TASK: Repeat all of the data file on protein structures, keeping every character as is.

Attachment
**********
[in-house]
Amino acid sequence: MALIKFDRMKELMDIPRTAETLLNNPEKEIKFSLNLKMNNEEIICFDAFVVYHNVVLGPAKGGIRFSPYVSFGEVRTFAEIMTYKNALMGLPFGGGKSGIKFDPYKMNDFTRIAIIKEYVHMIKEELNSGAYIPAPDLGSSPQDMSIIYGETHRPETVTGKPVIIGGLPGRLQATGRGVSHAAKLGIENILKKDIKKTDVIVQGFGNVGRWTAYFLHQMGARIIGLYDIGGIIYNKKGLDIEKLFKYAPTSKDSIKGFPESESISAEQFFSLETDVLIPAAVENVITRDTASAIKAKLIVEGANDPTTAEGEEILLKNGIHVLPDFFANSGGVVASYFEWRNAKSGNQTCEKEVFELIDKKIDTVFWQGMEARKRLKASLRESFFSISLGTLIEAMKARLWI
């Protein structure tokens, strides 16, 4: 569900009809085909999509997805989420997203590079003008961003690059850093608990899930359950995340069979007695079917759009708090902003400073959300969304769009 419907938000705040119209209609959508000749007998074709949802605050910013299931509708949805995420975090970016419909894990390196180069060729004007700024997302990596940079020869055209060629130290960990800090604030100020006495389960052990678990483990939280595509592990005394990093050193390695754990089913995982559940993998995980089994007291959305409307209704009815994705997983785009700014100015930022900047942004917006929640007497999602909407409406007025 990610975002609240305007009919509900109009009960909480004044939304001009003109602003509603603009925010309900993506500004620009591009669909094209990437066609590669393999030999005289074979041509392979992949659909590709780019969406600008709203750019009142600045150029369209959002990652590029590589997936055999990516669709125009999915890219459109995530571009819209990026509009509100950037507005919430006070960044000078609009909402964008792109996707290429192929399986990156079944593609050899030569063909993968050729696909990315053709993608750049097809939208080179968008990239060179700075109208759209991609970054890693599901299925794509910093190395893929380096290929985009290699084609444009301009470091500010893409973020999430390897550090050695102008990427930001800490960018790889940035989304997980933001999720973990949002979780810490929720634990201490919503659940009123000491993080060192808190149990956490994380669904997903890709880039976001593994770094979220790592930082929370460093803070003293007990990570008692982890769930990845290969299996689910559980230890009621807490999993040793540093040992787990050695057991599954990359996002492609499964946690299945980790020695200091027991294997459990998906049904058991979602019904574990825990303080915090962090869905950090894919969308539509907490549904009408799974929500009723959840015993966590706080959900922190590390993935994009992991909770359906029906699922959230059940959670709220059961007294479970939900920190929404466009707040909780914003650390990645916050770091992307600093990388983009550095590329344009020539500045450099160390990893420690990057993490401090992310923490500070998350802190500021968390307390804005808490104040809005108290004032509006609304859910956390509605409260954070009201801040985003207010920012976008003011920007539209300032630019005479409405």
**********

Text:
[in-house]
Amino acid sequence: MALIKFDRMKELMDIPRTAETLLNNPEKEIKFSLNLKMNNEEIICFDAFVVYHNVVLGPAKGGIRFSPYVSFGEVRTFAEIMTYKNALMGLPFGGGKSGIKFDPYKMNDFTRIAIIKEYVHMIKEELNSGAYIPAPDLGSSPQDMSIIYGETHRPETVTGKPVIIGGLPGRLQATGRGVSHAAKLGIENILKKDIKKTDVIVQGFGNVGRWTAYFLHQMGARIIGLYDIGGIIYNKKGLDIEKLFKYAPTSKDSIKGFPESESISAEQFFSLETDVLIPAAVENVITRDTASAIKAKLIVEGANDPTTAEGEEILLKNGIHVLPDFFANSGGVVASYFEWRNAKSGNQTCEKEVFELIDKKIDTVFWQGMEARKRLKASLRESFFSISLGTLIEAMKARLWI
């Protein structure tokens, strides 16, 4: 569900009809085909999509997805989420997203590079003008961003690059850093608990899930359950995340069979007695079917759009708090902003400073959300969304769009 419907938000705040119209209609959508000749007998074709949802605050910013299931509708949805995420975090970016419909894990390196180069060729004007700024997302990596940079020869055209060629130290960990800090604030100020006495389960052990678990483990939280595509592990005394990093050193390695754990089913995982559940993998995980089994007291959305409307209704009815994705997983785009700014100015930022900047942004917006929640007497999602909407409406007025 990610975002609240305007009919509900109009009960909480004044939304001009003109602003509603603009925010309900993506500004620009591009669909094209990437066609590669393999030999005289074979041509392979992949659909590709780019969406600008709203750019009142600045150029369209959002990652590029590589997936055999990516669709125009999915890219459109995530571009819209990026509009509100950037507005919430006070960044000078609009909402964008792109996707290429192929399986990156079944593609050899030569063909993968050729696909990315053709993608750049097809939208080179968008990239060179700075109208759209991609970054890693599901299925794509910093190395893929380096290929985009290699084609444009301009470091500010893409973020999430390897550090050695102008990427930001800490960018790889940035989304997980933001999720973990949002979780810490929720634990201490919503659940009123000491993080060192808190149990956490994380669904997903890709880039976001593994770094979220790592930082929370460093803070003293007990990570008692982890769930990845290969299996689910559980230890009621807490999993040793540093040992787990050695057991599954990359996002492609499964946690299945980790020695200091027991294997459990998906049904058991979602019904574990825990303080915090962090869905950090894919969308539509907490549904009408799974929500009723959840015993966590706080959900922190590390993935994009992991909770359906029906699922959230059940959670709220059961007294479970939900920190929404466009707040909780914003650390990645916050770091992307600093990388983009550095590329344009020539500045450099160390990893420690990057993490401090992310923490500070998350802190500021968390307390804005808490104040809005108290004032509006609304859910956390509605409260954070009201801040985003207010920012976008003011920007539209300032630019005479409405």